When I was eleven, I started to plot my escape. Financial independence seemed like the prerequisite, but the 50 cents an hour I earned babysitting weren’t going to take me far. So, baby steps. I started by purchasing my own shampoo and toothpaste, keeping them separate from the family stuff. I figured I’d gradually work up from toiletries to food, clothes, rent, etc.
It’s funny, eleven-year-old-me making solo hikes through the woods to the drugstore for Colgate. It’s also awful, because my family was so poisonously miserable, so hostile to the person I was trying to become, that I couldn’t imagine staying in that house one second longer than I absolutely had to. And, of course, freedom was a long time coming, even with scholarships and summer jobs and, eventually, teaching assistantships. As my professional life has demonstrated, I’ll take a certain amount of abuse, playing the long game, as long as I have some safe space in which I can retain dignity, do work that feels worthwhile, and speak my mind.
Take that space away, though, and I’ll break, whether or not I break and run. This is one of the many ways poetry has saved me–reading and writing puts me in an honest place. Plus, while poems contain struggle of all kinds, they also constitute separate worlds it can be a great relief to enter, because good poems are not unjust or disruptive of bodily integrity.
Poetry’s doing just fine during the current political mayhem, but other spaces seem way less safe than they ever did. Not that I ever felt welcome and at home in Lexington, Virginia!–but I had friends’ houses, and a few public spots that I felt comfortable in, and a creek to walk beside. Ever since the co-owner of the Red Hen, a few blocks from my house, took her moral stand against hatred and lies by asking Sarah Huckabee Sanders to leave, the full ugliness of where I live has been on inescapable display. Media that are often depressing–from Facebook to the local paper’s editorial page–got vicious; picketers with offensive signs staked out the restaurant, which has not yet been able to reopen; the KKK leafleted our neighborhoods with fliers reading “Boycott the Red Hen” as well as “Wake Up White America.”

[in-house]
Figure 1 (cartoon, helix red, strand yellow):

I want to get out of here. Aside from short trips, I can’t. My husband just got tenure; I also receive, for my kids, a major tuition benefit, which we need for the next five years. I’m finding it really difficult, however, to negotiate the fight-or-flight response that keeps ripping through my body. I hate living in the middle of the Confederacy. I hate how my government commits abuses in my name.
I said so to my daughter the other night, and she answered something like: I’m not leaving. I’ve committed. I’m going to fix this country.
I know that’s a better answer. I just have to figure out how to get through this woods of bad feeling. To feel peace in my body as a prerequisite for helping make peace in this damaged, damaging place.
"This work is unlike any other, in its range of rich, conjuring imagery and its dexterity, its smart voice. Carroll-Hackett doesn’t spare us—but doesn’t save us—she draws a blueprint of power and class with her unflinching pivot: matter-of-fact and tender." —Jan Beatty
a poetry page with reviews, interviews and other things
Mundane musings from a collector of the quotidian
I imbibe words and consume past minds. As a result, I often awake next to strange sentences and forgotten meanings.
The Parlando Project - Where Music and Words Meet
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breathing through our bones
(The poetry blog of Grant Clauser)
Into one's life a little poetry must fall
Scribblings in awe of poetry, transitions, mutations and death
Rising towards the light...
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Reading and Writing Children's Books